EX: I could eventually figure out how to build myself a radio. With enough time and patience I could assemble all the parts off of the internet. Then, I'd need to put together a workshop. Where? Oh, yeah, in my little studio apartment. (that's changed a bit) Population density's a little higher than it used to be, so I'm spending a much higher percentage of my income supporting myself. Hrm. So I have myself a radio that cost me extremely valuable time. It's about the size of a coffee cup, the first time. I've just spent fourty hours at least putting together something that I think is cool, but for about twice the money and a hundredth the effort, I can order an iPod and just collect the music.

    Realistically, I will never be able to build myself anything with the level of functionality an iPod has. Even understanding exactly what all the components inside do is probably a level of knowledge and detail unattainable to the vast majority of the populace - even at Apple. I've known people at Intel who didn't know much more than their tiny little piece of a tiny subprocessor set in any detail.

    Second, Space was a lot different in the sixties. The Golden Age of science fiction had just passed. Part of the dream had been that there were people, or plants, or SOMETHING on Venus. Now we're pretty damn sure that if there's life out there, we're not going to get to see it in our natural lifetimes unless we're one of the strange and isolated few picked to get frozen and never come back. How many of those would there be and how likely is it if you were willing you'd get to go?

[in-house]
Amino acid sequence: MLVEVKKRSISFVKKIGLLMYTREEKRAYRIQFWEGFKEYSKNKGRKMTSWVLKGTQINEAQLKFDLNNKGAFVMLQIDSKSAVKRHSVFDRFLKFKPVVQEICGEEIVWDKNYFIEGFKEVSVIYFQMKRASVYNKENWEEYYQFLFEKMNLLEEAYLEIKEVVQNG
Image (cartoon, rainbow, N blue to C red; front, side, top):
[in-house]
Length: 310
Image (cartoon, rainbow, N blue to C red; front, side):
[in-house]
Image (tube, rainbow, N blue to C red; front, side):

Add to this that the problems being faced on Earth in modern cultures right now are all these extremely depressing, boring, entropy-and-politics-related ones, and you have a bad environment for anyone who has a brain to be thinking about space exploration as a career. The dreams of space exploration your generation had were wonderful, but the reality is that unless someone figures out FTL travel of some kind, we're stuck here. If we're stuck here, we have a whole mess of ugly problems to fix; the first two of which are energy generation and overpopulation. Space exploration would solve the second if the first went away, as long as that pesky relativity stuff just poofed. But space exploration now - as it is being used by the current administration - is just a red herring to keep eyes off of the fact that their record on science is one of polluting the good in the name of profit.

    Which brings me, of course, to the problems which are actually BIGGER than the 'measley' problems caused by the laws of physics. The organizational ineffectiveness brought to life in the last fifty years is amazing. Bureaucracy has fluorished. And normally, people would be independent enough - they certainly have these urges, especially in America - to just watch bureaucracies die their slow deaths of ineptitude and be rebuilt. Unfortunately, computers have propped up inept companies and people by allowing them to take control over larger and larger groups of people. To the point where so many people are working for malfunctioning organizations that they are in control of necessary resources.

    There are problems to be solved here first. Getting to Alpha Centauri and being able to build a colony there would be great. But that's icing on a cake that's rotting at the moment. So quit complaining about whipper snappers not caring about space. The smart ones are looking at the ground and saying, "Damn. Why'd you leave me all this to deal with?" And stuck wondering about where to find a lever to start fixing it.

Houston, Tranquillity Base here. The Eagle has landed. -- Neil Armstrong